A robust San Diego County retail real estate market outperformed the nation in the second quarter with active sales, low vacancies, rising rents and new construction, according to a local report.
"Given continued positive economic indicators, there are no signs of slowing," said Pete Bethea, Burnham Real Estate Services senior vice president. "San Diego's diversified and stable economy continues to fuel job and population growth -- the key ingredients that support a thriving retail real estate market."
Unemployment of just 3.8 percent as of May 2004, and recently monthly job gains are putting San Diego on track to reach projected annual average growth of 25,200. San Diego County's population continues to grow, surpassing 3 million people in 2003 to become the nation's 17th most populated metropolitan area, said a Burnham report.
"These strong dynamics contributed to more than 1.8 million square feet of retail space that was absorbed during the first half of 2004, almost half of which (809,246 square feet) occurred during the second quarter," said Bethea. "The completion of several new shopping centers and freestanding stores drove most of this activity."
Existing (often unanchored) centers posted a net absorption loss of 173,713 square feet -- nearly erasing their net gain of 225,316 square feet during first quarter.
"As a result, countywide vacancy increased slightly from 1.7 percent to 2.2 percent -- although this still is the county's lowest retail vacancy rate in more than a decade," reports Bethea. "Much of this negative absorption is due to the recycling of a few junior anchor spaces and are expected to quickly absorb."
Retail vacancy is highest in the unanchored strip centers at 3.7 percent, followed by community centers at 2.2 percent, and neighborhood centers at an even lower 1.8 percent.
The region's expanding economy continues to drive new retail construction and this, in turn, is promoting healthy net absorption throughout the county.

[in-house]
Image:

Leading the region's activity is the North County/Hwy 78 Corridor communities of Carlsbad, Oceanside and San Marcos -- which combined had 918,150 square feet of positive net absorption.
Next in line is the Interstate-15 Corridor with 345,084 square feet net absorption, followed by Central Suburban (199,645 square feet), East County (190,487 square feet) and South Bay (204,591 square feet).
Central (Downtown) and North City both recorded negative absorption, albeit small -- at minus 8,201 square feet and minus 9,369 square feet, respectively.
"These two markets account for just 8 percent of the county's entire shopping center inventory, so impact on countywide vacancy was minimal," said Bill Shrader, a Burnham vice president. "Moreover, the downtown San Diego retail market is very strong and healthy, supported by a fast-growing residential base and new office development. However, because urban retail is not captured in the traditional shopping center survey, its positive performance is not reflected in net absorption numbers."
Year-to-date retail construction completed totals of 1.8 million square feet, says the Burnham report, with another 1.3 million square feet under way.
Major retailers have been particularly active.
Kohl's finished four stores totaling approximately 260,000 square feet in Chula Vista, Poway, Santee and San Marcos.
Wal-Mart, in addition to the 160,000-square-foot El Cajon store in Westfield's Parkway Plaza, completed three more outlets totaling 426,257 square feet in Chula Vista, Kearny Mesa and La Mesa's Grossmont Center.
In Poway, Costco is building a 149,000-square-foot store and Home Depot a 134,000-square-foot outlet, both in the South Poway Business Park.
On the investment side, San Diego remains a very attractive market.
Buyers acquired 17 shopping centers valued at $5 million or more so far this year for an investment total of more than $230 million.
This compares to 36 centers sold in all of 2003 for $693 million.
"The going cap rate for Class A retail properties in San Diego is averaging below 7 percent, and the median selling price is now $196 per square foot," Bethea said.
"The highest priced shopping center was the 90,000-square-foot Torrey Highlands Village Center which sold for $37 million in the first half of 2004.
Other first-half sales of properties over 100,000 square feet included:
"Overall, this doesn't look so good," said Ken Perkins, president and research analyst at RetailMetrics LLC, a Boston-based independent research company, in an Associated Press report. "There are a number of different factors that are coming together to dampen consumer spending."
Retailers found low-to-middle-income shoppers were more frugal in response to higher gas prices and grocery bills. Americans are also worried about their jobs.
On Tuesday, the Conference Board reported a larger-than-expected decline in consumer confidence, and attributed the slide to concerns about job prospects.